We are now nearing the massive wharf. There is timber enough in the structure to make a dozen of our modern wharves. What an old-world look the place has! Many of the houses are built of red bricks, the roofs are brown with lichen, and wrinkled with old age. And yet there is an absence of life and a want of energy and bustle. Lots of badly-dressed young hoodlums loll about, leaning against the great stacks of shingles (Hobart palings) which are piled up in vast quan­tities ready for export. Of these are the fruit-cases made, which take away the wealth of the orchards, for which the island is famous—groups of young girls saunter about arm-in-arm; queer old habitues, clad in quaint garments of antique cut, hobble about and exchange nautical observations with each other. Several dismantled whalers lie at their moorings, and the huge warehouses hem in the scene—silent, deserted, empty.

"There ain't no spurt about the place!" ejaculates an observant Yankee fellow-passenger; and he aptly enough expressed the sensation it gives one who witnesses the whole scene for the first time.

Time seems to be measured by Oriental standards here. All work is done in a leisurely fashion. An old horse is discharging cargo by means of a whim, instead of a steam crane, from a Dutch-looking lugger. Piles of hop bales litter the landing-place, and it would seem almost as if their hypnotic influence had cast a sleepy spell over the whole environment. The very steeples on the old grey churches in the city seem to nod in the gathering haze, and the smoke from the chimneys curls aloft in a somewhat aimless fashion, as if the fires below were all only half alight. An enthusiastic Victorian cannot refrain from com­menting on this general attitude of sleepiness.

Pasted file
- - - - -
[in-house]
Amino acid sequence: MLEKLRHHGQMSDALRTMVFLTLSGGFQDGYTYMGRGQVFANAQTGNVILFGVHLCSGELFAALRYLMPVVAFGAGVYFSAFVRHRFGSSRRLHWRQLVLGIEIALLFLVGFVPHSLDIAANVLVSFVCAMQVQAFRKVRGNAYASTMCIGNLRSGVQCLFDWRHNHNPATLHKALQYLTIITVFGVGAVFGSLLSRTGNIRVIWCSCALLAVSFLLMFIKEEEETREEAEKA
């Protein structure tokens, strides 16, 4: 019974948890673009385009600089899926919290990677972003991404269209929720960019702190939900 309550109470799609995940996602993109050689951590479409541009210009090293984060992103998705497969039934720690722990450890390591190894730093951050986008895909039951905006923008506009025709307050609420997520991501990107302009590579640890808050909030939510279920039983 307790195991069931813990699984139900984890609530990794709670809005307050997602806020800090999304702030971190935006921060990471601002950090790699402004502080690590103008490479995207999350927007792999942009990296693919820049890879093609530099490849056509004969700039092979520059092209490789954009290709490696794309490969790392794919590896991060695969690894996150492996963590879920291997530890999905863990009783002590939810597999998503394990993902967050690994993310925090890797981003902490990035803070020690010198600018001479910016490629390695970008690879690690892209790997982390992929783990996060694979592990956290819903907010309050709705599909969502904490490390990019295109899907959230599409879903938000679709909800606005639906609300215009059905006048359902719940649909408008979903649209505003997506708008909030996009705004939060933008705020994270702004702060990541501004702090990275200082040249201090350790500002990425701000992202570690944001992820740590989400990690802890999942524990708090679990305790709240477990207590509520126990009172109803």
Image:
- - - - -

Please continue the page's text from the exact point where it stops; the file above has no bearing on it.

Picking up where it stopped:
"Humph," says he; "there's the effects of free trade for ye—not a blessed factory or a steam engine in the whole place!"

A little boy with a wan, pinched face, and the shabby-genteel look which patched and darned but scrupulously clean clothes gives to the wearer, now accosts us. "Board and residence, sir?" he pipes in a squeaky treble. Poor little fellow, doubtless a sad tale he could tell. And so my gentle little travelling companion with a woman's quick imagination, begins to weave a romance of misfortune and penury, in which the little tout figures as the heir of a noble but decayed family. The mother, a fragile uncomplaining martyr, faith­ful to the shattered fortunes of a gallant husband, and so on and so on! All this was poured into my ears as we sped along, and it was with much difficulty I restrained the tender-hearted little dame from trotting back to verify her romance from the poor boy himself.

In the summer season most of the houses are let to visitors from Sydney and Melbourne, and there are certainly large numbers of decayed gentlewomen and retired officers on half-pay, and such like, who eke out their slender incomes in this fashion.

Here is another evidence of the antiquity of the place. The names of the curious old inns—they transport one back to dear Old England at once. Here is The Queen's Plead, The Bell and Dragon, The Eagle Hawk, the Maypole Inn, and so on through all the old familiar nomenclature. The gable ends elbow their way into the streets ; the bow windows project over the pavements; the mossy roofs, with quaint dormer windows half hidden by trailing creepers, the stone horse troughs and mounting steps, the dovecotes and outside stone stairs to the stables, the old stone walls bulging out in places and tottering to their fall, all speak of "merrie England;" and one can scarce fancy that these dull dead masses on the distant hills are gum-trees, and that this is part of Australasia.